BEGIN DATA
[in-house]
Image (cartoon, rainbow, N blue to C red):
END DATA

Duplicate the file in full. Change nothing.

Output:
[in-house]
Image (cartoon, rainbow, N blue to C red):